(Reuters) - The Kansas City Royals nullified the strongest batting line-up in the majors and let their own sluggers do the talking as they romped to a 5-0 victory over the Toronto Blue Jays in the American League Championship Series opener on Friday.
Catcher Salvador Perez belted a solo home run and four pitchers combined to outfox the potent Blue Jays batters in front of a delighted Kauffman Stadium crowd as the home team drew first blood in the best-of-seven series.
Kansas City starter Edinson Volquez pitched six strong innings, relying primarily on a two-seam fastball to strike out five, while giving up two hits and four walks in 111 pitches before handing over to the bullpen to close it out.
Dominican Republic native Volquez earned his first postseason win, after entering the game 0-3.
The Blue Jays were by far the best offensive team in the majors in the regular season, averaging more than five runs per game and were shut out just five times in 162 contests.
However, they were unable to counter some excellent Kansas City pitching on Friday, with nobody managing more than one hit.
"My fastball was good, outside part of the plate," Volquez said in an on-field interview.
"I changed my game plan against them. Last time I faced them I threw a lot of pitches inside and tonight I was able to command my fastball down and away."
Volquez was described as "superb" by Kansas City manager Ned Yost.
"He had everything going, great fastball... on the attack from the first inning on."
Not that Yost was comfortable with an early three-run lead after four innings, which the Royals padded with two more in the eighth.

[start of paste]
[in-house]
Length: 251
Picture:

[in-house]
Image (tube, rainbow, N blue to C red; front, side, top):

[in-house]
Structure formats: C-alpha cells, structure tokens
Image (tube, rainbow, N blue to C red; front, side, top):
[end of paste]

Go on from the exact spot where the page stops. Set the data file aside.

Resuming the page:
"Even though you have a two or three-run cushion, that club has the ability to put two or three runs up on the board in a heartbeat, so you’re never comfortable," he said.
Lead-off batter Alcides Escobar (2-for-3 with one RBI) set the tone for the Royals by smacking a double off the first pitch he faced from Toronto starter Marco Estrada, who took the loss despite a solid 5 1/3 innings.
Toronto manager John Gibbons refused to blame the Mexican pitcher, instead lamenting an off night by his offense.
"He (Estrada) knows how to survive and he kept us in the game but we just got shut out," Gibbons said.
The victory did not come without a potential cost for the Royals, however, as Perez suffered an injured left middle finger when he was struck by Josh Donaldson's bat on the Toronto third baseman's follow through in the eighth inning.
Perez opted to remain behind the plate but will be assessed ahead of Game Two in Kansas City on Saturday
The Royals are seeking a quick return to the World Series after losing to the San Francisco Giants in seven games last season.
(Reporting by Andrew Both in Cary, North Carolina; Editing by Peter Rutherford/John O'Brien)